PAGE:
Inequities laid bare

Rural or urban, the situation is similar and affects different communities inequitably. “By not passing the HEROES Act, [senators] sent a very clear message that the children of Philadelphia are not relevant or not important enough for them to care,” said Bishop Dwayne Royster, the national political director of Faith in Action, speaking in Philadelphia. He noted that many of the children who will be hardest hit by the lack of resources are children of color. “Black lives matter, Black children matter, and the reality is that we’ve gotten a very clear message from our United States Senate that Black children’s lives don’t matter. … We need to make sure that the teachers and teacher aides have everything that they need, otherwise we are condemning Philadelphia to continuing in deep cycles of poverty.”
“We’re not just fighting for more funding for schools,” said Rep. Brendan Boyle (D-Pa.). “We’re fighting to save the American dream. If we deny the opportunity of an education to this generation and generations to come, we are saying to them you are cut off from the American dream, it need not apply to you. That is immoral, unconscionable and un-American.”

Fighting for the basics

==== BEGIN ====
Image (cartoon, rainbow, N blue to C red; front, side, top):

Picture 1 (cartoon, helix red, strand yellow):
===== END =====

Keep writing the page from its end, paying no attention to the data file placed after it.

Even where districts have distributed Chrome books for remote learning, for many communities it is not enough. “About 90 percent of our families did not have devices and Wi-Fi at home when the pandemic hit,” said Jerry Alonza, a San Francisco elementary school teacher who spoke at a press conference with Pelosi. “Imagine what we’re dealing with as kids are fighting over which one of them gets to use the computer today,” said high school teacher Lincoln Stocks, president of Eastpointe Federation of Teachers in Michigan. “It really is a very difficult situation, and the catastrophic loss of learning capacity that we’re going to experience is substantial.”
Teachers at various events described colleagues who are retiring because they do not feel safe, and others who are “terrified.” Many schools do not have enough PPE and cleaning supplies. Some do not have sufficient hand-washing facilities; even soap is in short supply. Teachers are having to take on engineering and facilities tasks like measuring how far apart their students’ desks are.  
“Saying education has to be face-to-face without considering science or facts on the ground is reckless and shows no concern for the safety of students and staff,” said David Hecker, AFT Michigan president and an AFT vice president. “Let's recommit to fighting the #COVID19 virus for the sake of our children,” said Rep. Andy Levin (D-Mich.). “We can crush the virus with testing, tracing and treatment. We can have strong workplace protections. We can have robust support for state and local governments and schools.” 
At the virtual Florida event, Weingarten agreed, and she underscored the union’s commitment to get educators and students what they need. “Testing, tracing, isolation, PPE, ventilation, connectivity, tools and more require resources,” she said. “We don't have them from Trump, McConnell and Senate GOP lawmakers. Once again, we have to hit the streets to get kids the education they need.”
[Virginia Myers]